Generating client code from an OpenAPI specification can save a lot of development time and reduce risk of that code being outdated. However, it is not immediately obvious how to generate that code from a Spring Boot application. This article explains how to generate Angular code from a Java Spring Boot project using Springdoc Swagger and Maven (though you can easily swap out Angular for any other language).
One of Swagger’s strongest selling points is the ability to generate client code from an OpenAPI specification – this usually works well if you’re using the Design First approach. Unfortunately, there doesn’t seem to be much information on how to automate the process when using the Code First approach. Today we will learn how to easily generate Angular code from a Java Spring Boot project using Springfox Swagger and Swagger Codegen.
If you’re using the springfox-swagger2 library, you might come across a problem when it comes to generic types (such as Pet<T>). In cases where diamond brackets are used, Swagger will generate an invalid specification, resulting in a validation error in the Swagger Editor (“”$ref values must be RFC3986-compliant percent-encoded URIs”).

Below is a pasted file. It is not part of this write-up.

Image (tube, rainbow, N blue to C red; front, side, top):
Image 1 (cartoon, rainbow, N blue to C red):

By default, Spring Boot uses an OpenEntityManagerInViewInterceptor which “binds a JPA EntityManager to the thread for the entire processing of the request […] to allow for lazy loading in web views despite the original transactions already being completed”.
In other words, in every
@RestController action, instead of throwing a
LazyInitializationException when you forget to fetch a lazy-loaded property, Spring will now fetch the property outside of the original transaction. The pattern (or antipattern) is called Open Session In View (OSIV) and, while it sounds fairly useful, is not a good choice for production environments.
Spring Boot, by default, uses Thymeleaf 2 as its template engine. You can, however, make it use the newer version.